2. 2. An thermoplastic composition comprised of
    a. about 40-90 weight percent of a rigid thermoplastic copolymer consisting of 50-85% weight percent methyl methacrylate, and 15-85% weight percent another alkyl acrylate or alkyl methacrylate, wherein the alkyl group consists of 1 to 4 carbon atoms, and
    b. about 10-60 weight percent of a multi-stage, sequentially-produced polymer characterized by:
    (A) a first stage which is optionally non-elastomeric, relatively hard, and has a glass transition temperature of greater than 25° C., and which is polymerized from a monomer mixture of 100-80 weight percent of the monomers described above for the rigid thermoplastic polymer, 0 to 10 weight percent of a copolymerizable polyfunctional crosslinking monomer, and 0 to 10 weight percent of a copolymerizable graftlinking monomer having two or more addition polymerizable unsaturated reactive groups which participate in the polymerization reaction at substantially different rates;
    (B) an intermediate stage which is elastomeric and which is polymerized in the presence of the first stage, from a monomer mixture comprising 50 to 99.9 weight percent of an alkyl acrylate and/or alkyl methacrylate mixtures thereof wherein the alkyl groups contain 1 to 8 carbon atoms, 0 to 49.9 weight percent of a copolymerizable monoethylenically unsaturated monomer, 0 to 5.0 weight percent of a copolymerizable polyfunctional crosslinking monomer, and 0.05 to 5.0 weight percent of a copolymerizable graftlinking monomer as described above, said intermediate stage further characterized in that it would exhibit a glass transition temperature of 25° C. or less if the monomers were polymerized in the absence of the first stage; and
    (C) at least one final stage which is relatively hard and which is polymerized in the presence the first and intermediate stages from a monomer mixture of the monomers described above for the rigid thermoplastic polymer, the final stage further characterized in that it would exhibit a glass transition temperature of greater than 50° C. if the monomers were polymerized in the absence of first and intermediate stages, the graft linking monomer having two or more addition polymerizable unsaturated reactive groups which participate in the polymerization reaction at substantially different rates and the cross-linking monomer having a plurality of addition polymerizable unsaturated groups all of which participate in the polymerization reaction at about the same rate as one another.
  3. 3. The composition of claim 2 wherein the multi-stage polymer is a three stage composition wherein the stages are present in ranges of 10 to 40 percent by weight of the first stage (A), 45 to 70 percent of the second intermediate stage (B), and 10 to 50 percent of the final stage (C), all percentages based on the total weight of the three-stage polymer.
  4. 4. The composition of claim 2 wherein the multi-stage polymer is a three stage composition wherein the stages are present in ranges of 10 to 20 percent of the first stage (A), 50 to 60 percent of the second intermediate stage (B), and 20 to 40 percent of the final stage (C), all percentages based on the total weight of the three-stage polymer.
  5. 5. An extruded sheet or profile made from the resin of claims 1.
  6. 6. A coextruded sheet or profile where at least one of the layers consists of the resin from claims 1.
  7. 7. A coextruded sheet or profile from claim 6 wherein the other layer(s) is selected from the group comprising (meth)acrylic polymers and copolymers; polycarbonate; polyesters and copolyesters; vinyl polymers and copolymers, styrene polymers and copolymers.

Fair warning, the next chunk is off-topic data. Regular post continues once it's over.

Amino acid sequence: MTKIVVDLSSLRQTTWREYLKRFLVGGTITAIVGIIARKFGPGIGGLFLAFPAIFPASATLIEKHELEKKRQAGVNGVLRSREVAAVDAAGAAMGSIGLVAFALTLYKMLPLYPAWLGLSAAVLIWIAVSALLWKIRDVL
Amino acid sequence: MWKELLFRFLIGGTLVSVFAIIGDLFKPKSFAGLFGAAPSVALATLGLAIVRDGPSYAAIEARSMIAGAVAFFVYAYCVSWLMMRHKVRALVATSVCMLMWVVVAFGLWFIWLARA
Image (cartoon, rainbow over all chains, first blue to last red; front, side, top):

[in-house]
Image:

8. 8. The coextruded sheet or profile of claim 7 where the claimed resin is used in an outer layer as a weather resistant capstock.
  9. 9. An embossed sheet made from resin of claims 1.
  10. 10. The resin of claims 1 made into a film.
  11. 11. The resin of claims 1 made into a multilayer film.
  12. 12. The film of claims 10 used for in-mold decorating.
  13. 13. The film of claims 10 laminated to a plastic sheet or profile.
  14. 14. The film of claims 10 used as a protective layer in a sign or reflective sign.
US10395643 2002-04-02 2003-03-24 Weather-resistant, high-impact strength acrylic compositions Active 2023-06-08 US7294399B2 (en)

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CA 2423773 CA2423773C (en) 2002-04-02 2003-03-28 Weather-resistant, high impact strength acrylic compositions
EP20030007294 EP1350812B1 (en) 2002-04-02 2003-03-31 Methyl methacrylate copolymer blends
MXPA03002841A MXPA03002841A (en) 2002-04-02 2003-04-01 Weather-resistant, high-impact strength acrylic compositions.
NZ52509203A NZ525092A (en) 2002-04-02 2003-04-01 A thermoplastic compositions comprising a copolymer and a multi-staged sequentially-polymerized impact modifer polymer
KR20030020359A KR20030079730A (en) 2002-04-02 2003-04-01 Weather-resistant, high-impact strength acrylic compositions
AU2003203567A AU2003203567B2 (en) 2002-04-02 2003-04-02 Weather-resistant, High-impact Strength Acrylic Compositions
TW92107510A TWI281481B (en) 2002-04-02 2003-04-02 Weather-resistant, high-impact strength acrylic compositions
JP2003099288A JP4658457B2 (en) 2002-04-02 2003-04-02 Weatherability, acrylic compositions having impact strength

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US20070072994A1 (en) * 2005-09-27 2007-03-29 Leslie Cohen Die-cuttable acrylic sheet
US20080212181A1 (en) * 2005-06-16 2008-09-04 Avery Dennison Corporation Retroreflective Sheet Structure
US8034441B2 (en) 2005-07-08 2011-10-11 Arkema France Multilayer composition
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EP1719616A1 (en) * 2004-12-10 2006-11-08 Arkema Multilayer acrylate film with improved optical and mechanical properties
RU2446054C2 (en) * 2006-05-23 2012-03-27 Аркема Франс Method of multilayer co-extrusion
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US8974619B1 (en) 2011-05-05 2015-03-10 Royal Mouldings Limited Method of making a decorated extruded profile

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EP1350812B1 (en) 2017-07-26 grant
US7294399B2 (en) 2007-11-13 grant
EP1350812A2 (en) 2003-10-08 application
JP2004002785A (en) 2004-01-08 application
KR20030079730A (en) 2003-10-10 application
CA2423773A1 (en) 2003-10-02 application
EP1350812A3 (en) 2004-04-07 application
JP4658457B2 (en) 2011-03-23 grant
CA2423773C (en) 2010-05-11 grant